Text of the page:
Mark Gingerich's new exhibition of contemporary impressionist paintings opens at Brandt-Roberts Galleries on Sunday

In one of Mark Gingerich’s impressionistic paintings, the yellow beams of car headlights and the concentrated glow of lamp posts illuminate a twilight street scene. In the background, a steeple from a vaguely gothic-looking church juts into the sky.

“It looks like it could be Europe. It has this timeless quality to it,” Gingerich said recently by phone. “It's kind of hard to tell it's Ohio.”

The street scene comes from Gingerich’s Madison County hometown of West Jefferson, Ohio, but it fits right in alongside other paintings of scenes in France and Switzerland. Elsewhere in Gingerich’s new solo show, “And all the land was swathed with color,” which opens Sunday, March 1, at Brandt-Roberts Galleries, the gardens and houses in “French Country” have much in common with the bucolic setting of “Hocking County Homestead.”

On the one hand, intermixing Ohio scenery with European locales is a way to put their geography on an equal playing field. Who’s to say the French countryside is more inherently beautiful than Hocking County farms? On the other hand, the consistency of their beauty is less about place and more about the painter.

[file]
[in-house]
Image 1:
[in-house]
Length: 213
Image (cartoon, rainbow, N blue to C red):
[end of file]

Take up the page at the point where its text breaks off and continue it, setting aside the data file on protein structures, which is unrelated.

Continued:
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“The thing that's really cool about a painting a lot of times isn't even where it was at, but how it's done,” Gingerich said. “A painting can be done almost anywhere. If you can get a sense of light and atmosphere and mood, the location is sort of a point of departure for a piece of artwork that draws you in.”

Still, there has to be some initial spark of inspiration for Gingerich, who has years of experience with plein air painting, but more recently has been working from photographs in his West Jefferson studio. Often it starts with interesting shapes. “It’s kind of like music. Music sounds good when you have whole notes, half notes, quarter notes, eighth notes and some syncopation, triplets. I think art is somewhat similar, in that you get bored if you see the same things too much,” Gingerich said, emphasizing the importance of a variety of shapes and lines, as well as a sense of tension between the light and dark values. “When I'm in the studio, I will adjust reality to make it stronger. So I may adjust the values. I may take something out or move something just to make it stronger. But there's initially something that draws me.”

While Gingerich said he understands color in a deeper way now than when he first began painting, he’s always discovering more. “You never arrive. You realize how much more there is to learn,” he said. “It's always a battle.”